About Surf Life Saving
The first Surf Life Saving Club was formed in Bude by Australian Allan Kennedy back in 1953 to train local lifeguards to patrol the beach and keep people safe in the water. In the following two years Clubs formed in Brighton and St Agnes and in 1955 the Surf Life Saving Association of Great Britain came into being. Today, Surf Life Saving GB (SLSGB) is a National Charity made up of 7,000 volunteers with 70 clubs throughout the UK. Its goal is to make communities and beaches safer by saving lives and helping to prevent drowning. Surf Life Saving GB achieves this goal through its sporting activities and its community service.
Surf Life Saving – The Sport:
The Clubs form the heart of Surf Life Saving as a sport. The sport is about developing those skills that would enable a future lifeguard to save a life. Like any other sport there is regular training throughout the year and members are encouraged to compete in the various pool and beach competitions. Surf Life Saving gives its members a skill for life whether they go on to become lifeguards or not – how to be safe in the water.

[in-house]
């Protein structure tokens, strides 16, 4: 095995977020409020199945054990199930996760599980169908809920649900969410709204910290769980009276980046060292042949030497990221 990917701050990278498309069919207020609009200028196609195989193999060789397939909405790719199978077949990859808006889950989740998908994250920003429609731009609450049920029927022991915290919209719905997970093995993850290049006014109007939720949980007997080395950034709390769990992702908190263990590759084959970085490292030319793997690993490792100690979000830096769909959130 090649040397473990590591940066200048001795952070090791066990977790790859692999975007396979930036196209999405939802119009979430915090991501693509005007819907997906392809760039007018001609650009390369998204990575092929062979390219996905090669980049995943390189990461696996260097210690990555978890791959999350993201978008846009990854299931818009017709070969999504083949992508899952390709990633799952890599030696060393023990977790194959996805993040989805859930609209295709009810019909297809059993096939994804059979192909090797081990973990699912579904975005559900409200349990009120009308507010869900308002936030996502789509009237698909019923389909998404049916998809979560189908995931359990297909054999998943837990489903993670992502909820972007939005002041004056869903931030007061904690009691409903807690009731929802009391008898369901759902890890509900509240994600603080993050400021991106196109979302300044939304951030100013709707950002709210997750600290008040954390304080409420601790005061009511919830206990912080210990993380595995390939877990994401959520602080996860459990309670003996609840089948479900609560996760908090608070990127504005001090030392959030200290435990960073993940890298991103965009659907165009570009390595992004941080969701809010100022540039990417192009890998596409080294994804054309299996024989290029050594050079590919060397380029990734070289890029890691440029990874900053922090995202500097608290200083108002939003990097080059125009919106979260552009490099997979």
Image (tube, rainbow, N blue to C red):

SLSGB is a full member of International Life Saving and a National Governing Body for Life Saving.
SLSGB – The Community Service:
As a community service SLSGB provides many roles. One of these is Lifeguard Training and SLSGB issues over 4,000 training awards each year. Today it has 1,198 trained Lifeguards who recognise and deal with life threatening situations on a daily basis. The organisation also runs Water Safety Management Courses to aid sporting activities and industry alike.
The community role is constantly developing to meet the ever-changing demands for water safety and today has grown to include Flood Rescue. SLSGB has recently developed fully qualified, self declared and accredited Search and Rescue teams, trained by the SAR Flood College.
These volunteer teams are now front line Flood Rescue Responders and are deployed nationwide to provide flood rescue whenever it is needed.